One of the cutest animals in the Lakes, the otter is a highlight of the Cumbrian landscape and a remarkable sight on your adventures through the county. These mammals are sublimely adapted to the water and can be seen in many rivers and lakes.
What makes this animal so incredible and where are you most likely to spot one?
Life Cycle of an Otter
The period for an otter gestate can take anything from 60 to 90 days, a relatively short gestation period. Newborns are cared for by the whole family; mother, father, and even older siblings. Sexual maturity is reached at around two years for females and around three for males.
Otters live in dens which are known as a holt or couch. These are often built under tree roots, or further north amidst a rocky cairn (more common in Scotland). They line these homes with grass and other such plant life to insulate the structure and keep their pups warm. There they stay for up to a month, whilst living with their family for up to a year. Often seen playing with their pups in the water, this has led to otters being known for having a playful nature which is a delight to watch.
The male of the species is known as a dog or boar, whilst the female is a sow and their children are pups. All together they are known as a bevy, lodge, romp, or family of otters. If they are in the water, then they may also be called a raft of otters.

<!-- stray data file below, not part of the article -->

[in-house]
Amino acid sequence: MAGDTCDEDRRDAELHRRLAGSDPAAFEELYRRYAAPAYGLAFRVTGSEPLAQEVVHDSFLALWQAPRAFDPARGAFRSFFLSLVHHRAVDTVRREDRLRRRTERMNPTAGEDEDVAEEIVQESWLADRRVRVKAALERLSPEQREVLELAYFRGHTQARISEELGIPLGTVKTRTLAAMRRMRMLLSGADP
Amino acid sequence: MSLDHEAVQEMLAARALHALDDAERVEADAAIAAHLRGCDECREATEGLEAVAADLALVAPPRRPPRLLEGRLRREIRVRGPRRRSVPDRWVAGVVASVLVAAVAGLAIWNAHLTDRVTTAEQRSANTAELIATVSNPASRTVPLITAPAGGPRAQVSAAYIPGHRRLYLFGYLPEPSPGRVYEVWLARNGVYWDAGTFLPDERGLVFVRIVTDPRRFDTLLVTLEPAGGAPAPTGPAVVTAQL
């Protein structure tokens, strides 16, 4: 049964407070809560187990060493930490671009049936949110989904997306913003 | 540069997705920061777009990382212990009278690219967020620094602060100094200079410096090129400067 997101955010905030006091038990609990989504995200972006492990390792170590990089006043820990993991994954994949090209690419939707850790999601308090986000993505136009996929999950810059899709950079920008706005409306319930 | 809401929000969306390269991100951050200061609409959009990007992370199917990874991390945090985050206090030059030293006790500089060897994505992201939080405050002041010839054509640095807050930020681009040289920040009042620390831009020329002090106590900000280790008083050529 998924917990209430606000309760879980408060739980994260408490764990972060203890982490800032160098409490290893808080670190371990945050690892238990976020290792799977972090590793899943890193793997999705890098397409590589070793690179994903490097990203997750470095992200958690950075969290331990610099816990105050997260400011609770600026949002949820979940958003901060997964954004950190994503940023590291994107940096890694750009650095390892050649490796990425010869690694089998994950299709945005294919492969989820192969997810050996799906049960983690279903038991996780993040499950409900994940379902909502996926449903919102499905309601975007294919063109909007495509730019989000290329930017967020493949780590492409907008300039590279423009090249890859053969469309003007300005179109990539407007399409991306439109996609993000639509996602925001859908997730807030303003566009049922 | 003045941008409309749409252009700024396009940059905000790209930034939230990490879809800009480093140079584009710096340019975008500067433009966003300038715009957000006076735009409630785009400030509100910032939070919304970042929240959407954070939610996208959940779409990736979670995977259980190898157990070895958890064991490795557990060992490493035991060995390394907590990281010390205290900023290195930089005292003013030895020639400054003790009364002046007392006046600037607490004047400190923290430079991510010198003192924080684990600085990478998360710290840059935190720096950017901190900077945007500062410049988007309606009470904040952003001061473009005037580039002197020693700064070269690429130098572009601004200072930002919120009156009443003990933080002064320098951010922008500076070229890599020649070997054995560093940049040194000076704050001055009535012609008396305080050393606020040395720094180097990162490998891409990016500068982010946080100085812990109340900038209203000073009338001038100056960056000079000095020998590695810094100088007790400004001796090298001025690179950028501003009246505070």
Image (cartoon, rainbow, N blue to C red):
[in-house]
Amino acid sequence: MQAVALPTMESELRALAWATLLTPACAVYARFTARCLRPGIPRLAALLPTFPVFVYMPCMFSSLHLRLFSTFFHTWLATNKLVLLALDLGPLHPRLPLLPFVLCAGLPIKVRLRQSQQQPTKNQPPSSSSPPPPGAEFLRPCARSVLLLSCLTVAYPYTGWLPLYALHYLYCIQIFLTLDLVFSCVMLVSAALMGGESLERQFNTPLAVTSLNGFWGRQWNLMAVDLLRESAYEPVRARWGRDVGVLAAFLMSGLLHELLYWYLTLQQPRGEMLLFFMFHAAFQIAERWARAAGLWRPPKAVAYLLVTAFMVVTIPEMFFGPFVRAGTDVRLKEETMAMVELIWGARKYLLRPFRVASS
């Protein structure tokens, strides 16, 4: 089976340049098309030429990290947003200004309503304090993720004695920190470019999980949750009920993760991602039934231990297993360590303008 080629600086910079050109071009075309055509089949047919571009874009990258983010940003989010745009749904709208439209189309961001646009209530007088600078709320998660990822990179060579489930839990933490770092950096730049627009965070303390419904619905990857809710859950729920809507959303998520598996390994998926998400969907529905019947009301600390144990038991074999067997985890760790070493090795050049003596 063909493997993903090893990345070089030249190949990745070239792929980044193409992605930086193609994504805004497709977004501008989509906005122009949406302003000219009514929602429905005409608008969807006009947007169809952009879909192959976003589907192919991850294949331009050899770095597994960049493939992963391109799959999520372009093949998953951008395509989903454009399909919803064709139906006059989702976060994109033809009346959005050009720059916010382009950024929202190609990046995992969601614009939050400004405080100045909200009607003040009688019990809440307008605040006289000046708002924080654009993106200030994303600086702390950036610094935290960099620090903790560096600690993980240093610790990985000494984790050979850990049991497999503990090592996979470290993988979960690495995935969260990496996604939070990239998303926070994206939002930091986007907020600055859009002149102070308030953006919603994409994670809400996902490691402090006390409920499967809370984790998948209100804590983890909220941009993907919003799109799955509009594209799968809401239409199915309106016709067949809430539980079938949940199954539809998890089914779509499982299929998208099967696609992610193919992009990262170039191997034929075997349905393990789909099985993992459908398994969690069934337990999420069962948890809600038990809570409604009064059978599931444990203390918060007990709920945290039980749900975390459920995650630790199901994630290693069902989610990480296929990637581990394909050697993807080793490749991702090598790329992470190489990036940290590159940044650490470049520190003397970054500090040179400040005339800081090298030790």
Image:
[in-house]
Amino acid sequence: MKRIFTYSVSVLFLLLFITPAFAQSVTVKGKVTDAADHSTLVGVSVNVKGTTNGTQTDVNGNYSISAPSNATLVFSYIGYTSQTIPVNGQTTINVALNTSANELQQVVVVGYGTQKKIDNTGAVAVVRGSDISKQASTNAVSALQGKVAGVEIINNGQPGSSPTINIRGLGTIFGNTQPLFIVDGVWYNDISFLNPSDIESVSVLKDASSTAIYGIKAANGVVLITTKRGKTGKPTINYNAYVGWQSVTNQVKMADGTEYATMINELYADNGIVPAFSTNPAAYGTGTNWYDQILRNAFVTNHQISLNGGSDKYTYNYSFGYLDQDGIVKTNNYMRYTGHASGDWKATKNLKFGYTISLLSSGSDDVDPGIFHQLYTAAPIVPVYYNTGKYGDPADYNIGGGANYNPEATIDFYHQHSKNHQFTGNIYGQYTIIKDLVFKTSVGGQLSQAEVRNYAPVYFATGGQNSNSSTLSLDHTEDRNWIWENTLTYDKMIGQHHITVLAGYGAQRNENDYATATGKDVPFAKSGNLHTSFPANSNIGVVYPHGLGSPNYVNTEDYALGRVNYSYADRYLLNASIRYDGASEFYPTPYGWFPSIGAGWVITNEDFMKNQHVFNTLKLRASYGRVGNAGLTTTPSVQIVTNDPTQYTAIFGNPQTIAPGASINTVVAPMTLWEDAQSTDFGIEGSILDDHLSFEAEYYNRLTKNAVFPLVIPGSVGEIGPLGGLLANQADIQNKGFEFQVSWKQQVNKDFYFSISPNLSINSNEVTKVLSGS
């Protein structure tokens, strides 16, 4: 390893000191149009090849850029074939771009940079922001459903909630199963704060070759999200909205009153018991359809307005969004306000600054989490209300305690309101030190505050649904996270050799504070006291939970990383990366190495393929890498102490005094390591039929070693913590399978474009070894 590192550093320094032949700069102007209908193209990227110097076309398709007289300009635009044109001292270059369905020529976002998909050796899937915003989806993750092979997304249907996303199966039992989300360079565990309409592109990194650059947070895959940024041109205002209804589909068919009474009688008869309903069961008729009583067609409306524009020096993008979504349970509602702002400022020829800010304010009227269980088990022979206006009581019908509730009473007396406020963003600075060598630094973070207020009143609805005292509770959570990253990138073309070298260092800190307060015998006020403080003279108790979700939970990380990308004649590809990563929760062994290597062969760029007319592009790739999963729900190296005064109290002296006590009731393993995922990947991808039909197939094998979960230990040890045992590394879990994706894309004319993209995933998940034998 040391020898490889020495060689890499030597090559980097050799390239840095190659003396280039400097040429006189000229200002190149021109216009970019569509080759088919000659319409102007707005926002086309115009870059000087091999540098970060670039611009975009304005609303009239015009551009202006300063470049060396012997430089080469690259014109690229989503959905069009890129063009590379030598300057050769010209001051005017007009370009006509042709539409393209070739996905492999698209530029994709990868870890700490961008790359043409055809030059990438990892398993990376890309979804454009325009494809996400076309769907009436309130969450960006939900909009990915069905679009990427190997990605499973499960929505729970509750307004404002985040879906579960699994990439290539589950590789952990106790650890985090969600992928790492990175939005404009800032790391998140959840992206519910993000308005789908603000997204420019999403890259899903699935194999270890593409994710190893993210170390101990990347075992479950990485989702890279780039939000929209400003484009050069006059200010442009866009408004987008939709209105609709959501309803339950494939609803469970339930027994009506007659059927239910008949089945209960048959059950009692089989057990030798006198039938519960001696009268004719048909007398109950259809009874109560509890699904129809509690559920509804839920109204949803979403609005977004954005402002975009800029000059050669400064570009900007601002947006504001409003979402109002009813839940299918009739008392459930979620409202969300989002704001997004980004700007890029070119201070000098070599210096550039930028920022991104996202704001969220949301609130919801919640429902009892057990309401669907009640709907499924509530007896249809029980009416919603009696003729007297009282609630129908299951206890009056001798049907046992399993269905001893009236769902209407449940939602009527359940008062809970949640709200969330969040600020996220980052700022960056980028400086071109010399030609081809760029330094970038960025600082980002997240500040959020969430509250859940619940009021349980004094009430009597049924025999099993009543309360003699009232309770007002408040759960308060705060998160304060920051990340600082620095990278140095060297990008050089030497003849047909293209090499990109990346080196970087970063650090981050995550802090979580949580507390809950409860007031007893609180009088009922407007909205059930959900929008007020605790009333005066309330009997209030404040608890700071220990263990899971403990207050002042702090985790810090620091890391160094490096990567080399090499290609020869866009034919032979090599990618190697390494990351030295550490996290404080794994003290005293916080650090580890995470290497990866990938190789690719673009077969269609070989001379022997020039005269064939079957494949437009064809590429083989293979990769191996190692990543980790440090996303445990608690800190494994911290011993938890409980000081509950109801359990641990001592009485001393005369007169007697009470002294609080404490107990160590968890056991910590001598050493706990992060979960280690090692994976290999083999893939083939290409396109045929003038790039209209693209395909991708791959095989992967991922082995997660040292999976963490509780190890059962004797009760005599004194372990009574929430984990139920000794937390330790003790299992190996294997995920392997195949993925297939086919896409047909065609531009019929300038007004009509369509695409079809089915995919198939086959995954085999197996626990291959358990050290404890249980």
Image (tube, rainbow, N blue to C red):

Typically, otters have a lifespan of around sixteen years.
Long, slim, bodies are the characteristics of this water mammal. They have incredible webbed feet, which they use to swim and create their lodges. Incredibly they can also hold their breaths underwater for prolonged periods of time. The many different species of otters range in size from less than one metre to almost metres – with the sea and giant otter being the largest of the species.
Otter underfur is soft and insulated, with an outer layer of hair; between the two air is trapped to allow the otter to remain dry, warm, and even adds to their buoyancy in water.
The European otter is the most prevalent otter in the species. Spanning across Europe, across Asia and has even been seen in North Africa. Up until the 1950s they were common throughout the UK, but increased use of pesticides draining into their water habitats saw worrying decreases in their population. Populations reached record lows, but conservation efforts since then have meant that otters again inhabited the areas of the UK that they were once abundant in.
We’d love to welcome you to one of our fantastic properties – they make a great base camp for any animal spotting-adventure! Having been awarded a 5-Star Gold from Visit England, you needn’t just listen to us! For more information, or to settle any queries, please contact us on 01524 276500.